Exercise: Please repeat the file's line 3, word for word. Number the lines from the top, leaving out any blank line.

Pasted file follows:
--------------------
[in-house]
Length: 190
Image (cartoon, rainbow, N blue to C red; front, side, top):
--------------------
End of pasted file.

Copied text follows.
Image (cartoon, rainbow, N blue to C red; front, side, top):